In the meantime, people can start following our new Twitter feed @LoveCRAFT_TO. Soon we’ll also have a Facebook account so people can start getting in touch then. Stay tuned!

Awesome sketchnotes: Kensington Mesh Network, Women and Tech, Lovecraft TO, 360 Screenings

29 Nov

Got an awesome idea? Every month, the Awesome Foundation Toronto trustees get together and award $1,000 in a brown paper bag to the coolest idea and team!

Here are the sketchnotes from tonight’s pitches. Click on the image for a larger version.

20121129 Awesome Foundation Toronto - Kensington Mesh Network, Women and Tech, Lovecraft TO, 360 Screenings

Congratulations to Lovecraft TO, the cigarette vending machine turned art vending machine. Good luck with your project!

August Winners: Park Yourself Here AND Little Free Library

5 Sep

In an unprecedented move, probably never to be repeated, the Toronto Awesome Foundation elected this month to award TWO full $1000 prizes, instead of one!  After a riveting performance by our four shortlist contenders (Park Yourself Here, Penny Project, Little Free Library, I’m Lost), we awarded money to both Park Yourself Here, a Park(ing) Day art installation to create public space in downtown Toronto by taking over a parking space, and Little Free Library, a project to build tiny pole-mounted libraries to be installed at Trinity Bellwoods Park and in other locations all across Toronto!  Check out the video of our pitch night evening here:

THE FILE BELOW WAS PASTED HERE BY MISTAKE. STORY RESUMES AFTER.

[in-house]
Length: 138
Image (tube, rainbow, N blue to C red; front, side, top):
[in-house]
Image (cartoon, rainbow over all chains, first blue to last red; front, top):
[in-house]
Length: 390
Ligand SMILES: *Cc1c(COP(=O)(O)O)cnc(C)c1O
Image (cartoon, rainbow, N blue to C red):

Q&A with Bill Wrigley of Little Free Library:

Congratulations! What’s your project all about?

The short term project of me and my team is to install Little Free Libraries in one of Toronto’s larger and popular parks; Trinity Bellwood’s located in Mike Layton’s ward of Trinity-Spadina.